2) The reductio ad absurdum argument. If you preach relativism and believe, that everything is relative and for that reason equal true, you have thereby accepted, that nazism, fascism, dictatorship, popular murder, terror and violence, are as equally great blessings for mankind as democracy, negotiation and dialogue (it is a fact that many totalitarian ideologies, paradoxically enough, today have begun to use relativism as justification for their business). Then you have no basis in order to criticize, because you haven´t got any rational frame to start from. You can´t criticize anyone for argumentation bungling, or to replace arguments with machine guns, because this presupposes, that there is a rational foundation in your arguments.
How far out in the absurd will a relativist in other words defend his so-called “tolerance”? What about the child, which has been raped and murdered? Will the relativist go in and defend the murderer against the critique, and say, that it might well be, that we are opposed to the murderer, but basically we can´t know, whether it is us who are mistaken, and him who is right?
This there actually are examples on. There are moreover examples on, that relativists have defended religious mass suicide, female circumcision, wife burning etc., etc. So you can yourself figure out, what the ideology can be used to justify.
The relativists´ idea of themselves as being mediators are in other words absurd and self-contradictory – go to an Islamic and Jewish fundamentalist – and create peace by telling them, that their faith after all only is something relatively? It is offensive, to hear this forbearing accent: “It is fine, that you have your viewpoints, but basically there is nothing which is true, so therefore make peace!” (Besides an extremely metaphysical statement, which claims itself to have practically divine insight in truth).
If you observe the built-in energylaws of life, then the collective Ego-unfolding is an expression of energy, which has swung out in its one extremity. With necessity the energy will swing over in the opposite extreme. And this won’t happen in a quiet way, when you consider the enormous momentum that is in the actual extreme, and it will happen quite simply: through pollution of the environment, through diseases (aids, cancer and else) through warfare, terror, crises, inner mass psychotic collapses, and through natural disasters.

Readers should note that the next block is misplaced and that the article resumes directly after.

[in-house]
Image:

This is what we very probably will have to face, because the rejection of the realization-work and the ethical practice is exactly what is needed for an ideology to keep its citizens in ignorance, and through ignorance to use them as means for reaching its goals; that is: using them in ways that don´t have to take ethics into consideration.
These things were what George Orwell mirrored in his novel 1984, and what he therefore warns us against.
But the defenders of relativism refuse the above-mentioned classical arguments against them, because they see it as old thinking. However the Sokal Hoax has exposed relativism in a nearly comical way.
The phrases old-thinking and new-thinking are very popular within the so-called postmodern intellectualism, which is the background for what I consider as a wrong spiritual turn within the more popular, common movement of New Age. In this movement I for example have heard people refer to themselves as New Thought Ministers (see my articles Six common traits of New Age that distort spirituality and The New Thought movement and the law of attraction).